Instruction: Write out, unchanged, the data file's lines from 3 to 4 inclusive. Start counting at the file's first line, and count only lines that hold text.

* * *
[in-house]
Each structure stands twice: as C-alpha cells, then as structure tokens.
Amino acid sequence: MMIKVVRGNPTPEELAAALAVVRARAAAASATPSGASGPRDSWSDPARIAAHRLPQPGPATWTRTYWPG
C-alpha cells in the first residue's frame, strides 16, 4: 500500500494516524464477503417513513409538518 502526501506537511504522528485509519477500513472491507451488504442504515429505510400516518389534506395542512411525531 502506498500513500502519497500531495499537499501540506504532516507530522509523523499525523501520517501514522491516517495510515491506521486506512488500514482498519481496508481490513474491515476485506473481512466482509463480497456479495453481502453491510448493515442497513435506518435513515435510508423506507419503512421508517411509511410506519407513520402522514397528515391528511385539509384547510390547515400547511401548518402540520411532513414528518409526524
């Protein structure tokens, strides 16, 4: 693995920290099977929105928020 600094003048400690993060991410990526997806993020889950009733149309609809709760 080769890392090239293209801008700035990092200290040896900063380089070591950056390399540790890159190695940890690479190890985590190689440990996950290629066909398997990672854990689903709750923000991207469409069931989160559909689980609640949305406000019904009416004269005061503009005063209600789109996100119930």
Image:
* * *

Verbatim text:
Amino acid sequence: MMIKVVRGNPTPEELAAALAVVRARAAAASATPSGASGPRDSWSDPARIAAHRLPQPGPATWTRTYWPG
C-alpha cells in the first residue's frame, strides 16, 4: 500500500494516524464477503417513513409538518 502526501506537511504522528485509519477500513472491507451488504442504515429505510400516518389534506395542512411525531 502506498500513500502519497500531495499537499501540506504532516507530522509523523499525523501520517501514522491516517495510515491506521486506512488500514482498519481496508481490513474491515476485506473481512466482509463480497456479495453481502453491510448493515442497513435506518435513515435510508423506507419503512421508517411509511410506519407513520402522514397528515391528511385539509384547510390547515400547511401548518402540520411532513414528518409526524